Pdf consolidating duplicate fonts
When writing in AMA and other medical styles the sturcture of these papers is to some measure prescribed, as reflected in the organization of abstracts.
There are no headlines in research writing though titles and headings abound rendering the derived term more meaningful.
Block quotes, headings, captions, tables and table notes, and references are single-spaced within but double-spaced from the rest of the text. The International Committee of Medical Journal Editors (ICMJE) was formed to reduce the proliferization of styles in medical publication.
The New England Journal of Medicine (a charter member along with JAMA) follows the style almost exactly, JAMA puts the titles of books and journals in references in italics but otherwise largely follows the style.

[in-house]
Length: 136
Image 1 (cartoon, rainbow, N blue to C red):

These are the papers described in the AMA Manual and the JAMA "Instructions for Authors." On the other hand, when crafting a paper to be read it is common sense to embed tables and figures in the text where they are first mentioned. The AMA Manual, for example, has no instructions for how a title page should look other than indicating the information it should contain. There is enough agreement among major styles about the hierarchy of headings and other features for these to guide their presentation in AMA Stat!
The 2003 edition of the Publication Manual of the American Psychological Association (APA) refered to these papers as final manuscripts. Block spacing presents a more compact format handy for readers and recommended for final manuscripts. As always, where specific rules are given in the AMA Manual they are followed. Evanston, IL: The American Board of Medical Specialists, 2000.